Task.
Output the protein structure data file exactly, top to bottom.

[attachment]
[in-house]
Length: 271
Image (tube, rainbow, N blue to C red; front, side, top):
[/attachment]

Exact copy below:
[in-house]
Length: 271
Image (tube, rainbow, N blue to C red; front, side, top):